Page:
NASA warns of 'space Katrina' radiation storm
2009 01 08

By Lewis Page | theregister.co.uk



Ill solar winds blow nobody any good.

A study funded by NASA has flagged up yet another terrible hazard for those no longer able to get excited about nuclear war, global pandemics, terrorism, climate change, economic meltdown and asteroid strike. Top space brainboxes say that even if the human race survives all those, there is a serious risk of civilisation being brought crashing to its knees by a sudden high-intensity solar radiation storm.

The new study, carried out for NASA by the US National Academy of Sciences, might tickle the palate of even the most jaded disaster connoisseur.

"Whether it is terrestrial catastrophes or extreme space weather incidents, the results can be devastating to modern societies that depend in a myriad of ways on advanced technological systems," says Professor Daniel Baker of Colorado Uni, an expert in atmospheric and space physics who led the report's authors.

In essence, the report, which can be downloaded in pdf here (free registration required) says that sooner or later there will be a solar storm much more powerful than any seen so far in the age of high technology. Such events have occurred in the past, but as the human race then had very basic electrical power grids (or none at all) and made no use of satellites, it didn't matter.

The next space radiation biggy, however, will hit a human civilisation which is becoming more and more dependent on satellites for essential communication and navigation tasks, and whose electrical grids are much more widespread and heavily stressed. The impact of a bad geomagnetic spike would be somewhat as though an unbelievably powerful electromagnetic pulse bomb - of the sort favoured by movie villains but not yet available - had gone off:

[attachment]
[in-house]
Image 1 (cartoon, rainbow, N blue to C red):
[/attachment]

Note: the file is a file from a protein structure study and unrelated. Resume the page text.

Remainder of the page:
While a severe storm is a low-frequency-of-occurrence event, it has the potential for long-duration catastrophic impacts to the power grid and its users. Impacts would be felt on interdependent infrastructures, with, for example, potable water distribution affected within several hours; perishable foods and medications lost in about 12-24 hours; and immediate or eventual loss of heating/air conditioning, sewage disposal, phone service, transportation, fuel resupply, and so on ...
Open access on the transmission system has fostered the transport of large amounts of energy across the power system in order to maximize the economic benefit of delivering the lowest-cost energy to areas of demand. The magnitude of power transfers has grown, and the risk is that the increased level of transfers, coupled with multiple equipment failures, could worsen the impacts of a storm event ...

In summary, present U.S. grid operational procedures ... are unlikely to be adequate for historically large disturbance events.
The impact on satellites would be even more severe, as spacecraft have less shielding from the Earth's atmosphere - and in some cases from the magnetosphere. In particular, the present Global Positioning System (GPS) sat constellation, used by almost every navigation system in the world, is regarded as highly vulnerable to a solar event - though new satellites are to go up shortly equipped with a backup signal which will allow errors to be bowled out.